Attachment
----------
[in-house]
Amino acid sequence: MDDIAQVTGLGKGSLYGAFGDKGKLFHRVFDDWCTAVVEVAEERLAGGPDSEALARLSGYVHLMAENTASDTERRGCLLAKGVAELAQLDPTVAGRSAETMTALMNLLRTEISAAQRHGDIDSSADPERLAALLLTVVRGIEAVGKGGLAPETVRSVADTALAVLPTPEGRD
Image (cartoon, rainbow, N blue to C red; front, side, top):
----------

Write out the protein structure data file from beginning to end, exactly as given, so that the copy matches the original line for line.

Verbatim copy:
[in-house]
Amino acid sequence: MDDIAQVTGLGKGSLYGAFGDKGKLFHRVFDDWCTAVVEVAEERLAGGPDSEALARLSGYVHLMAENTASDTERRGCLLAKGVAELAQLDPTVAGRSAETMTALMNLLRTEISAAQRHGDIDSSADPERLAALLLTVVRGIEAVGKGGLAPETVRSVADTALAVLPTPEGRD
Image (cartoon, rainbow, N blue to C red; front, side, top):